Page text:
BORIS Johnson tonight said President Biden was a “breath of fresh air” in an apparent swipe at predecessor Donald Trump – and hailed the pair’s “great” talks.
The PM hailed the US President after one-on-one crunch meeting at the G7 in Cornwall earlier.
Speaking afterwards, the PM spoke of the renewal of the Atlantic Charter of 1941 between Churchill and Roosevelt, saying it was a “massive, massive strategic importance” for both firms.
He revealed that “the talks were great” and “went on for a long time” in a show of the pair’s apparently good relationship.
This is the first time they have met since President Biden took office – and the US leader’s first overseas trip too.
And in a slight swipe at former leader President Trump, Boris added: “It’s fantastic, it’s a breath of a fresh air.”
He said the pair discussed several issues they wanted to work together on, from security to climate change, and their chats covered a “huge range of subjects”.
He was asked if the US leader had “made his alarm clear” about the Northern Ireland protocal – but he replied: “No, he didn’t”.
However, he said that the US, UK and EU all wanted to uphold the Good Friday agreement and “keep the balance of peace process going”, adding: “I’m optimistic that we can do that.”
Johnson said: “What I can say is that America, the United States, Washington, the UK plus the European Union, have one thing we absolutely all want to do, and that is to uphold the Belfast Good Friday Agreement and make sure we keep the balance of the peace process going.
“That’s absolutely common ground and I’m optimistic that we can do that.”
He added: “The talks were great, they went on for a long time, we covered a huge range of subjects and it’s wonderful to listen to the Biden administration and to Joe Biden because there’s so much that they want to do together with us, from security, Nato to climate change.
The Prime Minister’s office shared a tweet today saying: “The future of the world’s stability and prosperity lies in cooperation between the UK and the US, the closest of partners and the greatest of allies.”
It came as:
Mr Johnson also said: “We affirmed the special relationship – that is not said lightly – the special relationship between our people and renewed our commitment to defending the enduring democratic values that both our nations share.”
The couples also gave each other gifts, with Boris presenting the US President with a photo of Frederick Douglass.
Douglass was a former slave who campaigned against the practise in the 1800s.
The PM also gave Jill Biden a collection of short stories by Daphne du Maurier.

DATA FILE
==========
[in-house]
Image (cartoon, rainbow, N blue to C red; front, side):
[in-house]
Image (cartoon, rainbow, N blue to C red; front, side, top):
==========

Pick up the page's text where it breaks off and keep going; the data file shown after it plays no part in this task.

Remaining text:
In return, the Bidens gave Boris an American-made bike and helmet, while Carrie received a tote bag and a scarf.
Foreign policy was touched upon between the leaders – including discussion about Afghanistan, China, Iran and Russia, No10 revealed.
The Bidens also admired the view at Carbis Bay with Mr Biden saying: “It’s gorgeous – I don’t want to go home.”
A Downing Street spokesperson said tonight that the two leaders “looked forward to important discussions at the G7 Summit in the coming days” and “discussed the importance of the relationship between the UK and the US for protecting our people, boosting prosperity in both our countries and promoting our values around the world.”
They added that they would work together even closer on a new US-UK trade deal which “would create jobs and bring new opportunities to both of our countries.”
The spokesperson said: “They agreed that the UK-US partnership was more important than ever as we tackle shared challenges like climate change and building back better from the coronavirus pandemic.”
And both leaders will “work to reopen travel and to continue to share information that will help defeat the spread of coronavirus in our countries and internationally.”
Both leaders agreed that the UK and EU had a “responsibility to work together and to find pragmatic solutions” to allow trade to freely flow between Northern Ireland, Great Britain, and the Republic of Ireland.
The PM said he hoped that President Biden would return to the UK to attend the COP26 climate summit later this year, which is taking place in Glasgow in November.
No10 added:”The leaders agreed to not only work to reach net zero in their own countries, but also to make sure that developing world economies had access to green technology.”